A United Nations assessment indicates that the ozone layer may recover within a few decades with the help of human intervention.
According to the BBC, the analysis reveals that the 1987 multinational agreement to prohibit the use of dangerous chemicals that deplete the ozone layer was a success.
The Montreal Protocol of 1987 achieves the desired result
The ozone layer is a thin layer of the Earth’s atmosphere that absorbs the vast majority of the Sun’s ultraviolet energy. It began to erode in the 1970s, according to scientists.
Experts quickly discovered that chlorofluorocarbons (CFCs), which were present in spray cans, refrigerators, and air conditioners, were destroying the ozone layer. A huge hole in the layer was detected over the Antarctic in 1985, prompting 46 countries to join the Montreal Protocol in 1987.
As a result of depletion, radiation has the ability to harm humans on Earth’s surface by raising the risk of skin cancer and other issues.
Despite the Montreal Protocol’s ratification in 1987, the Antarctic ozone hole continued to grow until 2000. However, scientists found that it was gradually disappearing after that point. The new UN assessment demonstrates that the Montreal Protocol is having the desired effect, which is that the ozone hole will be fully recovered in a few decades.
International cooperation can help change the tide of environmental issues
The report forecasts that the ozone layer will be entirely repaired in the most afflicted area of Antarctica by 2066. The Arctic is anticipated to recover from depletion by 2045. Anywhere else affected is likely to recover completely in only two decades.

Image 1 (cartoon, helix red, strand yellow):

All of this, of course, is contingent on the Montreal Protocol’s policies being followed.
The analysis also implies that the Montreal Protocol’s measures have had a positive impact on climate change, as the chemicals phased out are also greenhouse gases. According to the analysis, the phase-out of the chemicals will have saved up to one degree Celsius of warming by the middle of the century, compared to a hypothetical three percent increase in their use.
It emphasizes that the ozone layer’s full recovery is not guaranteed, and that prospective proposals to spray sulfur dioxide into the atmosphere to re-freeze the poles could have an adverse effect.
Moreover, the ozone layer and climate change are two distinct issues that must be addressed in any comprehensive environmental plan.
Nonetheless, the research serves as a timely reminder that international cooperation can have a good impact on the environment and the world. The UN described this as “an inspirational example of how the world can come together to address global challenges.” in a tweet.